Applying Trauma-Informed Design to Cities

How trauma-informed urbanism can make cities and their residents healthier and more resilient.

2 minute read

January 3, 2024, 8:00 AM PST

By Diana Ionescu @aworkoffiction


View of green meadow with people and fall-colored trees in Central Park with Manhattan buildings in background.

Nick Starichenko / Adobe Stock

An opinion piece by Nicholas Lalla in Fast Company reveals the high social and economic costs of traumatic disasters, highlighting how cities can boost their resiliency and prepare for disaster recovery. 

“A city that isn’t resilient enough to withstand the aftermath of a disaster, manmade or natural, isn’t one that can serve for long as a viable center of commerce, culture, and society,” Lalla writes. “Research published in The Journal of Clinical Psychiatry found that in 2018, post-traumatic stress disorder cost the U.S. economy over $230 billion, while research from the University of Pennsylvania found that childhood trauma alone cost society over $450 billion each year.”

In Lalla’s view, “Above and beyond strong infrastructure, such as levees that protect my hometown of New Orleans against hurricanes, cities need to better anticipate, mitigate, and heal from trauma itself.” Lalla describes an emergent field known as trauma-informed urban development, an approach that focuses on “resilience, community cohesion, and aid in recovery.” The approach includes strategies such as consulting with mental health professionals, connecting people with nature and green spaces that can help improve mental health and air quality, supporting vibrant, mixed-use developments, and providing economic opportunities to help residents recover after disasters.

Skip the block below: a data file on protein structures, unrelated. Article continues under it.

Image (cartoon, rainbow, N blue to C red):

Many of the goals of the trauma-informed urban development movement dovetail with the goals of other urbanists: walkability, better public transit, green spaces, and economic opportunity, all qualities that help cities “stand a good chance of being resilient to trauma.”

Tuesday, January 2, 2024 in Fast Company

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